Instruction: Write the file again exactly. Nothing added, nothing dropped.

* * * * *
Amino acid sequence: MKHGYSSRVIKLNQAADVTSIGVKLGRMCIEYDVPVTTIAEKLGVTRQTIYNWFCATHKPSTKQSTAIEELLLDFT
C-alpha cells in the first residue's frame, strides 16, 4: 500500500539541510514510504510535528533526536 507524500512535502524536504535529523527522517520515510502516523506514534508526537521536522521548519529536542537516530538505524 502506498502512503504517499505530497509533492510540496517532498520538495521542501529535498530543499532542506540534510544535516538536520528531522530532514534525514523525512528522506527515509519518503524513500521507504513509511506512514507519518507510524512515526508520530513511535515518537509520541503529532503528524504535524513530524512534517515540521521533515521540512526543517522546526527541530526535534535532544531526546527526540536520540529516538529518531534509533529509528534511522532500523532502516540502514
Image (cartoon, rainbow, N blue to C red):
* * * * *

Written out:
Amino acid sequence: MKHGYSSRVIKLNQAADVTSIGVKLGRMCIEYDVPVTTIAEKLGVTRQTIYNWFCATHKPSTKQSTAIEELLLDFT
C-alpha cells in the first residue's frame, strides 16, 4: 500500500539541510514510504510535528533526536 507524500512535502524536504535529523527522517520515510502516523506514534508526537521536522521548519529536542537516530538505524 502506498502512503504517499505530497509533492510540496517532498520538495521542501529535498530543499532542506540534510544535516538536520528531522530532514534525514523525512528522506527515509519518503524513500521507504513509511506512514507519518507510524512515526508520530513511535515518537509520541503529532503528524504535524513530524512534517515540521521533515521540512526543517522546526527541530526535534535532544531526546527526540536520540529516538529518531534509533529509528534511522532500523532502516540502514
Image (cartoon, rainbow, N blue to C red):